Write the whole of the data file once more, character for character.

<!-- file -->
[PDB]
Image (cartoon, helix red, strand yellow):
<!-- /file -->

[PDB]
Image (cartoon, helix red, strand yellow):